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Communication in Pre-20Th Century Thought, Vol. 10 - 2003, No. 2

Kant, the Press, and the Public Use of Reason

, pages: 45-64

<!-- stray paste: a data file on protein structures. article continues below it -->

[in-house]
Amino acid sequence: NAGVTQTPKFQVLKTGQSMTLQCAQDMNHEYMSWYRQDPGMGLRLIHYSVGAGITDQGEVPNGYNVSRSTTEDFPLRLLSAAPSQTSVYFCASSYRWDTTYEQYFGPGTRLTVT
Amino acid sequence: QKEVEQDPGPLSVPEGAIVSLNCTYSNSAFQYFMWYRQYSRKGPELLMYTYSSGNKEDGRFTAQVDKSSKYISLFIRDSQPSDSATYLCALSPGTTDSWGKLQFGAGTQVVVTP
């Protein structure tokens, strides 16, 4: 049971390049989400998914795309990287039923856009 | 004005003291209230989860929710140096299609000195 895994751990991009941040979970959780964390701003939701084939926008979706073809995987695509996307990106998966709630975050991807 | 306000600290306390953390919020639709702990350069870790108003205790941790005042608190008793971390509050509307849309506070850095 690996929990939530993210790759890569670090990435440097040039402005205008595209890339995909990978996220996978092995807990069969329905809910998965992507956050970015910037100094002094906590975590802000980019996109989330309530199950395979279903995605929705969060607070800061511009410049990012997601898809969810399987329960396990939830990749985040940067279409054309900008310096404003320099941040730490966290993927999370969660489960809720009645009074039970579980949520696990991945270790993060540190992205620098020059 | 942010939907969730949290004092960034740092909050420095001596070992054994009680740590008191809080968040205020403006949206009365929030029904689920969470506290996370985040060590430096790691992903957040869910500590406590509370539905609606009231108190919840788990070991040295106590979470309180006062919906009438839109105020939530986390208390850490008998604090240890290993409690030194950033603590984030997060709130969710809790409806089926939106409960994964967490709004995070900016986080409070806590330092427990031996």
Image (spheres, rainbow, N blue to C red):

Is it wise to structure critical discussion of the media around a normative ideal of publicness? This article suggests some potential problems by re-examining Kant’s conception of the public use of reason, primarily as articulated in his newspaper article, “An Answer to the Question: What Is Enlightenment?” (1784). Kant’s account of the enthusiasm of a German newspaper-reading public for the French Revolution not only introduces an aesthetic dimension into political judgment, but also prefigures the strategies of media critique. The limits of “the public” as an optic though which to judge the social functions of the media are discussed in the light of Kierkegaard’s phenomenology and Ian Hunter’s recent excavation of the tradition of civil philosophy associated with Pufendorf and Thomasius.

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